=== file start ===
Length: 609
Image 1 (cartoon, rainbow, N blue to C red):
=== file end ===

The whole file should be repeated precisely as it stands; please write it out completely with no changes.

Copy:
Length: 609
Image 1 (cartoon, rainbow, N blue to C red):